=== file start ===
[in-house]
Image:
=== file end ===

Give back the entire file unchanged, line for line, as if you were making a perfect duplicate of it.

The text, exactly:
[in-house]
Image: